Catholiques et évangélistes américains face à l'avortement

Monthly worship attenders swing to Obama in 2008. The greatest shift in candidate preference between 2004 and 2008 has occurred among voters who attend religious services once or twice a month, moving from 49% support for Kerry in 2004 to 60% support for Obama in 2008. McCain maintains a significant advantage among voters who attend more frequently, while Obama has a nearly identical advantage over McCain among those who attend once or twice a month or less often. More Americans think Obama is friendly to religion than McCain. Forty-nine percent of Americans say Obama is friendly towards religion, while 45% say McCain is friendly towards religion. More than seven-in-ten (71%) say it is important for public officials to be comfortable talking about religious values. Young first-time voters are heavily supporting Obama. Among young first-time voters, who make up close to one-third of this age group (ages 18-34), more than seven-in-ten (71%) support Obama, compared to slightly more than half (53%) of young voters who have voted in previous elections. Younger Catholics more strongly support Obama, abortion rights, and more active government than older Catholics. While older Catholics (age 35 and older) are split between the candidates (46% for McCain and 44% for Obama), among younger Catholics Obama leads McCain by 15 points (55% to 40%). Six-in-ten younger Catholics say abortion should be legal in all or most cases, compared to half of older Catholics. Younger Catholics are more pro-government than any other religious group, with two-thirds preferring bigger government with more services, compared to 41% support among older Catholics. Younger white evangelicals strongly oppose abortion rights but are less conservative and more supportive of same-sex marriage than older evangelicals. Young white evangelicals are strongly opposed to abortion rights, with two-thirds saying abortion should be illegal in all or most cases. Yet, less than half (49%) of younger evangelicals identify as conservative, compared to nearly two-thirds (65%) of older evangelicals. Among young evangelicals, a majority favor either same-sex marriage (24%) or civil unions (28%), compared to a majority (61%) of older evangelicals who favor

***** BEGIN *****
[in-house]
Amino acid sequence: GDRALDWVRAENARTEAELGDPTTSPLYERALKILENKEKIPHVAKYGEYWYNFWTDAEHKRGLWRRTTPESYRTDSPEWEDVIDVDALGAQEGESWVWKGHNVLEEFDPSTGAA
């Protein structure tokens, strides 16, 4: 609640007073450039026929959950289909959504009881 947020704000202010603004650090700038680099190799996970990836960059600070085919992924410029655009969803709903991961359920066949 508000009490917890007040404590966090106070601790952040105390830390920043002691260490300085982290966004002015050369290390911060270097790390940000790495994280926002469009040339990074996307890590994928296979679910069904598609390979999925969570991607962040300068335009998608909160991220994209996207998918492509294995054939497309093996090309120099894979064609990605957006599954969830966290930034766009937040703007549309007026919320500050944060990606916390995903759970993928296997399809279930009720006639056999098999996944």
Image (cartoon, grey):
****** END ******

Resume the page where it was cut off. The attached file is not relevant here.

Voir : http://www.faithinpubliclife.org/content/faps/upload/2008/10/The%20Young%20and%20the%20Faithful.pdf

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